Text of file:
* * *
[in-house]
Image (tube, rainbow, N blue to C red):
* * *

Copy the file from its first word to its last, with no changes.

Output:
[in-house]
Image (tube, rainbow, N blue to C red):